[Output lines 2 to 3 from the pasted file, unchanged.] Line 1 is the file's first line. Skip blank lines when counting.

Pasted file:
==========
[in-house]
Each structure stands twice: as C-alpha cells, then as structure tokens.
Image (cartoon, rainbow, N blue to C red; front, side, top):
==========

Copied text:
Each structure stands twice: as C-alpha cells, then as structure tokens.
Image (cartoon, rainbow, N blue to C red; front, side, top):